At the same time, the Society of Engineers and Architects of Panama provided support to the administration of the Canal, and asked the entity to exercise its autonomy and to manage and implement the contract, without being influenced by external pressures and strangers. (Prensa)

Editor's Comment: Before Alberto Alemán Zubieta was appointed by former (PRD) president Martin Torrjos to take over as the Administrator of the Panama Canal, he was the President of the CUSA construction company - probably the largest in Panama - creating an obvious conflict of interest in the awarding of the contract to the GUPC. But of course "this is Panama" where people are paid good money to look the other way and ignore these sorts of things. So, what do the political tea leaves say on this one?

Early in the selection process for the upcoming presidential election, everyone already knew that Juan Carlos Varela would be the presidential candidate representing the Panameñista political party, and Juan Carlos Navarro would be representing the PRD. However president Ricardo Martinelli and the ruling Cambio Democratico (CD) party had not yet made up their minds as to who they should run as their candidate in the 2014 elections. Many possible candidates were being considered, among them Alberto Alemán Zubieta.

There was a period of time at the end of 2012 and going into 2013 during which Alberto Alemán Zubieta was a leading candidate. The CD actually tried to "woo" him into being their man. See the following articles;

So, the PRD appointed Alemán Zubieta to the post of Panama Canal Administrator. His company CUSA won the biggest contract worth $3.118 billion dollars to build the third set of locks for the Panama Canal expansion. The CD tried to lure him away from the PRD and to get him to run as their candidate in 2014 - but he refused. Apparently his links (money and kickbacks) to the PRD were too deep and strong to overcome - even with the potential of becoming Panama's next president. Fast forward to today...

Ricardo Martinelli is nothing if not vindictive. He doesn't like it when people say "no" to him. If Alemán Zubieta had accepted the CD's offer made during this week last year and if he was now the presidential candidate for the CD political party, then we would not be having this discussion regarding the cost overruns and the GUPC right now. It would have waited until after the elections in May 2014.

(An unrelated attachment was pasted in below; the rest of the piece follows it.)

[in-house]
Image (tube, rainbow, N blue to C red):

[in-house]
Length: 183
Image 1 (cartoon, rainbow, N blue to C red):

And then the money would have flowed. The ACP and GUPC would have shared responsibility in public. The project would have been built - relatively harmoniously - and the "cost overruns" would have been taken care of. All of that was part of Martinelli's plan.

However because Alemán Zubieta snubbed him and decided to remain loyal to the PRD, Martinelli sharpened his sword. Now the GUPC (and CUSA) are about to get screwed. You can ignore the content of this article which is little more than an exchange of hugs between the former ACP administrator and the new regime. The reality is that the ACP is part of the government of Panama - whether or not they are supposed to be "independent" - and Martinelli calls the shots.

I expect the ACP and the government of Panama will be saying "screw you" to the GUPC (and CUSA and Alemán Zubieta). They will toss them off of the job and find someone else whose willing to finish the project - and so what if it costs a couple of billion dollars more to build. Remember, Martinelli and his crew redefined the art of building shit and skimming government tax dollars into offshore accounts. Whoever the new contractor is, it won't be anyone with deep ties to the PRD, you can bet on that.

(And this is why you subscribe to this website ... you won't hear this anywhere else. Well, now that I've published it you will. These are the things that all Panamanians know, but they are too afraid to talk about either in the press or in public.)

Editor's Comment: Clarification - in response to a comment. Alberto Alemán Zubieta was appointed to the Panama Canal Commission in 1996, under the PRD administration or Ernesto Perez Balladares. Two years later, in 1998, he was appointed as the Administrator of the Panama Canal Authority. In 2005, during the administration of the PRD's Martin Torrijos, he was reelected by the Panama Canal's Board of Directors to lead the Panama Canal Authority for another seven years. His term in office ended in 2012.

Share
  • Facebook